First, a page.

AMD to buy Xilinx in $35 billion all-stock deal

October 27, 2020, 11:55 AM UTC

Advanced Micro Devices agreed to buy Xilinx for $35 billion in stock, taking the chipmaker into more diverse and profitable markets and adding to its data center offerings.

Xilinx investors will get 1.7234 AMD shares for each Xilinx stock they own. That values Xilinx at about $143 a share, 25% more than the closing price on Monday and 35% above the price before news of a possible deal was reported earlier in October.

The deal is a coup for AMD Chief Executive Officer Lisa Su, creating a company with a larger research-and-development budget and a broader array of products to take on Intel Corp.

Since taking over in 2014 when AMD was in crisis, she has slashed debt and overseen the development of more powerful processors. Revenue and profit have surged and the stock has soared. Now Su is using that currency to snap up a company with complementary products that generate steady cash flow.

Some investors and analysts were concerned that AMD might borrow heavily to pay for a Xilinx acquisition, repeating costly mistakes from more than a decade ago. The all-stock deal unveiled on Tuesday should calm those fears.

Q3 beat

AMD also reported third-quarter results that beat Wall Street estimates and gave a strong revenue forecast for the current period, buoying confidence in Su’s ability to absorb Xilinx and continue growing the combined company. Sales in the fourth quarter will be about $3 billion, a jump of 41% from a year earlier. On average analysts had projected $2.62 billion. That follows an increase of 56% in the third quarter due to demand for PC, gaming and data center processors. That’s a contrast to Intel, which recently reported a surprise drop in data center chip sales.

The acquisition still needs to be approved by shareholders and regulators, including authorities in China. AMD estimated that will take about 18 months. When it closes, the deal will immediately improve AMD’s profitability, cash flow and revenue growth, AMD said in a statement. AMD shareholders will own 74% of the new company. AMD will pay Xilinx $1.5 billion if it terminates the deal, while Xilinx has agreed to pay $1 billion if it calls off the transaction, according to a regulatory filing.

“This is truly a compelling combination that will create significant value for all stakeholders, including AMD and Xilinx shareholders who will benefit from the future growth and upside potential of the combined company,” Su said in the statement. She will be CEO and Xilinx’s Victor Peng will be president overseeing the Xilinx business and strategic growth initiatives.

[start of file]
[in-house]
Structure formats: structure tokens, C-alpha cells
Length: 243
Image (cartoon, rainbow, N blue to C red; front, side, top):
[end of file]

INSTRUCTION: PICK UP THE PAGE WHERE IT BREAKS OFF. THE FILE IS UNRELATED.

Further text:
Taking on Intel

The deal will give Su more of the pieces she needs to break Intel’s stranglehold on the profitable market for data center computer components. Xilinx, based in San Jose, California, makes field programmable gate arrays, or FPGAs. That kind of chip is unique because its function can be altered by software, even after it’s been installed in a piece of machinery.

FPGAs are used in wireless networks, so the purchase will give AMD new telecommunications customers just as that industry spends billions of dollars to build fifth-generation, or 5G, services. Xilinx is also rapidly expanding in data centers, where its chips accelerate computing and help connect servers. The other major FPGA supplier is Intel, which gained its market position through the purchase of Altera Corp. in 2015.

Xilinx last week reported quarterly data center sales were up 30% and now account for 14% of total revenue. While it generates less revenue than AMD, Xilinx is more profitable.

The transaction is partly driven by the growth of big cloud-computing providers such as Inc. and Alphabet Inc.’s Google. Those companies are spending heavily on new data centers to meet a surge in demand for computing power delivered via the internet. They’ve become major purchasers of server chips, which run thousands of computers that are packed into these data centers.

The cloud providers are also racing to enhance services, such as search, with artificial intelligence software, and many companies are experimenting with building their own hardware to do so. That’s putting greater pressure on chipmakers to improve their offerings.

At the same time, devices in some of Xilinx’s traditional markets, such as automotive and networking, are increasingly taking on more of the attributes of computers. AMD currently doesn’t have access to those customers, while Intel does.

Credit Suisse and DBO Partners advised AMD. Morgan Stanley advised Xilinx.

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